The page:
Interview with Amer Khansaheb of Khansaheb Investments
To watch a business evolve over the years can be a most exciting experience. To watch a business evolve over generations is nothing short of inspirational. A wonderful source of such inspiration is the Khansaheb family business of Dubai, United Arab Emirates, a company that has built its legacy over four generations.
Founded in 1935, Khansaheb currently stands as the longest serving contractor in the UAE. As such, Khansaheb has had a significant role in growing the country’s world-renowned infrastructure throughout the years. It built the first causeway that connected Abu Dhabi to the mainland, prior to which the island could only be accessed at low tide. Take a look around modern-day Dubai and there is an excellent chance that one will spot an airport, roadway, or building that was constructed by the Khansaheb family.
Today, with the additional leadership of fourth generation family member Amer Khansaheb, Managing Director at Khansaheb Investments, the company has come a long way from its origins as strictly a construction company. The company now has several divisions including, investments, property management, and even a lifestyle division. This growth process was not sudden or easy but it has positioned Khansaheb as one of the strongest multi-generational family businesses in the region.
Tharawat Magazine recently sat down with Amer Khansaheb to discuss this journey and what the future has in store.
The Khansaheb family business is now in its fourth generation of leadership and covers many different sectors. I’m guessing this is markedly different from how the company started out. Can you tell us a little about its origin story?
We’ve been here for a very long time. The business started in 1935 as my grandfather’s uncle began a trading company, transporting food, garments and other goods between India and the UAE. We also provided food support and maintenance to oil companies working in the desert. And then maintenance turned into basic construction and that turned into a big contracting operation. It was my grandfather, Hussain Abdulrahman Khansaheb in the 1950s who grew the company under more of a specialisation in construction.
And then it was passed on to your father. What was the most important legacy from his generation of leadership?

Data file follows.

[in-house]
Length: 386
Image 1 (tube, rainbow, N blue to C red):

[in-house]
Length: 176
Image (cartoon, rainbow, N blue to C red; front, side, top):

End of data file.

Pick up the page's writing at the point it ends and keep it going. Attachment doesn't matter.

When my father came in he focused mostly on diversifying and that’s when we started to bring in different divisions. I’d say the legacy he left is taking the construction business to where it is today with its reputation of a world-class business. If you look at the top construction businesses in the UAE, they are mostly foreign and Khansaheb stands out amongst them as a local company, which I think is significant. It means something to have a local company standing up there with those international businesses.
What were some of the more significant projects Khansaheb had a hand in during those years?
We built the first road from Sharjah to Ras Al Khaima, Creek Road, Sharjah airport, and we built the first road from Dubai to Al Khawaneej so there were a lot of infrastructure projects we were involved in that were critical to the UAE. We built a lot of landmarks in Dubai – we built the Mall of the Emirates, the Wafi Mall, the Bab El Shams Hotel, and we built the City Tower on Sheikh Zayed Road, which at the time was one of the tallest buildings.
When you were growing up, was it a foregone conclusion that you would eventually get involved with the family business?
When I was studying engineering at University I knew that I was going to work for the company, I’ve just always known it. So when I graduated university as a civil engineer in 2005, I worked at for Khansaheb Engineering as a site engineer for a year and three months.
What was it like working at a company in which you are a member of the family that owns it?
For me, it was a long wait before it started getting rewarding. I started in 2005 and I liked my work when I was a site engineer but working for the family business was a not easy at first. You’re starting a new career out of university and you’re expecting coaching, feedback, maybe even a performance appraisal but it’s difficult to get that when your father is the boss. There needs to be a management structure in place, there needs to be a direct manager involved, there needs to be division managers involved but all of this involvement was not there. That was not an ideal situation for me and that’s why I left. When I came back it, I had more experience and I came back a step up. I was at mid-level where I had initiatives I could implement myself, very limited at first, but it was something. It only really became rewarding in 2014 when I received the authority to start new projects and new initiatives. So it was a long wait from 2005 to 2014 but this is just a fact in a family business – you have to wait, be persistent, demand what you want and, at some point, hopefully you’ll get it.